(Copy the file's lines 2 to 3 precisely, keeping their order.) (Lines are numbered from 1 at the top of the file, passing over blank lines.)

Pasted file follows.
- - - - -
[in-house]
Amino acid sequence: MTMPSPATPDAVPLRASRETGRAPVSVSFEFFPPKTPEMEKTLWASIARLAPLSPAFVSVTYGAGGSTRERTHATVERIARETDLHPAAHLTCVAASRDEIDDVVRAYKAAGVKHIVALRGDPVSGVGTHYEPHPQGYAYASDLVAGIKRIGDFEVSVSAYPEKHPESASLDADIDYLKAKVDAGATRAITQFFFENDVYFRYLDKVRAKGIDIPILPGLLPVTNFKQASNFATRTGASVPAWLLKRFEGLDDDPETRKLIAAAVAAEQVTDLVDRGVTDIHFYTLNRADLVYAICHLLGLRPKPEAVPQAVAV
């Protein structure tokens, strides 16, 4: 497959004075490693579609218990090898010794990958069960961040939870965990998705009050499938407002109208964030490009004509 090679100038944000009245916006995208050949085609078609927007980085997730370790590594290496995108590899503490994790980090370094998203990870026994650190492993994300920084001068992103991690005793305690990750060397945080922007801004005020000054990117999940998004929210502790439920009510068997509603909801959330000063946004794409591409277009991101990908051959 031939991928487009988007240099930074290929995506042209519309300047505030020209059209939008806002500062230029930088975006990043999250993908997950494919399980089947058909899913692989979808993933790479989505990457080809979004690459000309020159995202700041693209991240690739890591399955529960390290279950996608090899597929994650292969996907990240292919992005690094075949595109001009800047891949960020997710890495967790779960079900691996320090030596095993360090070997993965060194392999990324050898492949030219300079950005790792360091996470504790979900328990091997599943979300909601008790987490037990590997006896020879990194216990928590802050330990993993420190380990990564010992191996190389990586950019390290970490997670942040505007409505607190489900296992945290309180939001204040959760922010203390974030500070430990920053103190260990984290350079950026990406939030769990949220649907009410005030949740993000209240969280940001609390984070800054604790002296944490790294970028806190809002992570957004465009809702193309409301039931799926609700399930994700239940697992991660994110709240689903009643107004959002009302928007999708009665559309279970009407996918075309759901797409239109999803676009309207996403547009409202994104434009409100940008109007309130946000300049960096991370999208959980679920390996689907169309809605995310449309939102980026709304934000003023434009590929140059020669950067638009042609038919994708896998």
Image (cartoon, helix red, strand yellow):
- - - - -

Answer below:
Amino acid sequence: MTMPSPATPDAVPLRASRETGRAPVSVSFEFFPPKTPEMEKTLWASIARLAPLSPAFVSVTYGAGGSTRERTHATVERIARETDLHPAAHLTCVAASRDEIDDVVRAYKAAGVKHIVALRGDPVSGVGTHYEPHPQGYAYASDLVAGIKRIGDFEVSVSAYPEKHPESASLDADIDYLKAKVDAGATRAITQFFFENDVYFRYLDKVRAKGIDIPILPGLLPVTNFKQASNFATRTGASVPAWLLKRFEGLDDDPETRKLIAAAVAAEQVTDLVDRGVTDIHFYTLNRADLVYAICHLLGLRPKPEAVPQAVAV
């Protein structure tokens, strides 16, 4: 497959004075490693579609218990090898010794990958069960961040939870965990998705009050499938407002109208964030490009004509 090679100038944000009245916006995208050949085609078609927007980085997730370790590594290496995108590899503490994790980090370094998203990870026994650190492993994300920084001068992103991690005793305690990750060397945080922007801004005020000054990117999940998004929210502790439920009510068997509603909801959330000063946004794409591409277009991101990908051959 031939991928487009988007240099930074290929995506042209519309300047505030020209059209939008806002500062230029930088975006990043999250993908997950494919399980089947058909899913692989979808993933790479989505990457080809979004690459000309020159995202700041693209991240690739890591399955529960390290279950996608090899597929994650292969996907990240292919992005690094075949595109001009800047891949960020997710890495967790779960079900691996320090030596095993360090070997993965060194392999990324050898492949030219300079950005790792360091996470504790979900328990091997599943979300909601008790987490037990590997006896020879990194216990928590802050330990993993420190380990990564010992191996190389990586950019390290970490997670942040505007409505607190489900296992945290309180939001204040959760922010203390974030500070430990920053103190260990984290350079950026990406939030769990949220649907009410005030949740993000209240969280940001609390984070800054604790002296944490790294970028806190809002992570957004465009809702193309409301039931799926609700399930994700239940697992991660994110709240689903009643107004959002009302928007999708009665559309279970009407996918075309759901797409239109999803676009309207996403547009409202994104434009409100940008109007309130946000300049960096991370999208959980679920390996689907169309809605995310449309939102980026709304934000003023434009590929140059020669950067638009042609038919994708896998």